The range of self-help materials available online is staggering, but appears to revolve around a number of common themes. Carducci's (2000) account of ‘the eight habits of highly popular people’, for instance, suggests that shy people are different from non-shy people, that they lack the social skills that these more emotionally healthy individuals possess, but that if they practise hard enough, the shy can learn sufficient tricks and strategies to ‘pass’ (Goffman 1963). It is therefore the shy person's responsibility to ensure that they think positively, learn to handle ‘failure’ in social situations, and ‘laugh a little’ to defuse negative responses. Similarly, Nancy Wesson (2004) claims that it is possible to ‘overcome’ the shy response by training oneself not to indulge in ‘negative self-talk’ and arming oneself with a set of ‘counter-arguments’ that anticipate success in interaction. Meanwhile, the Social Anxiety Institute offers a comprehensive self-administered course of CBT in the form of 10 audiotaped therapy sessions, which claim to teach us how to stop ‘automatic negative thoughts’ and replace them with more ‘reasonable’ and ‘realistic’ alternatives. The consumer is expected to engage actively with the tapes, not just by listening to them but also by enthusiastically practising the techniques at home. The assumption here is that shyness is an irrational response that we can be reasoned out of, if we are only given the right tools; again, these materials appeal to the ‘communicative rationality’ of emotions (Crossley 1998, 2000). The ninth tape, for example, tackles the questions of ‘Why “feelings” can be wrong. Why they “lie” to us, and why we must stop believing irrational feelings’ (Social Anxiety Institute 2004). From these texts we learn that shyness is not only socially unacceptable but also invalid as an emotional response, a betrayal of the rational self that we could, and should, become.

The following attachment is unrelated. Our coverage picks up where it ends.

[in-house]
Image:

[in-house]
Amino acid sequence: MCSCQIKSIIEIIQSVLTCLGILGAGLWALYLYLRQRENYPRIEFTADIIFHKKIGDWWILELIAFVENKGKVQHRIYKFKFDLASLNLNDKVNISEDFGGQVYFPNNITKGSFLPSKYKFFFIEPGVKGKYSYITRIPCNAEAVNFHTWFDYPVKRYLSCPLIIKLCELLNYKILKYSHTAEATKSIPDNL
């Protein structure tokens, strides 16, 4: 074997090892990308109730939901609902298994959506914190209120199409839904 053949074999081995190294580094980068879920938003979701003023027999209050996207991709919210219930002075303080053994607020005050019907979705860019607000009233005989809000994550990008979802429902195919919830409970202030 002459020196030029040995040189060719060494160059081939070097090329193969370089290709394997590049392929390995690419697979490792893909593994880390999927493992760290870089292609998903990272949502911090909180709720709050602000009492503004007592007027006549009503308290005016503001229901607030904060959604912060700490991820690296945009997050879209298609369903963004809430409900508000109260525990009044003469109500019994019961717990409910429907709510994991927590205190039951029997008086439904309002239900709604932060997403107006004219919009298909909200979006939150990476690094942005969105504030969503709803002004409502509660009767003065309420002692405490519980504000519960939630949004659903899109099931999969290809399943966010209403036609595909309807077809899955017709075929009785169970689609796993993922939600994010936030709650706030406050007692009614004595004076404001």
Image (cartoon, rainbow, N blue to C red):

Demedicalisation and resistance: ‘Shy Pride’?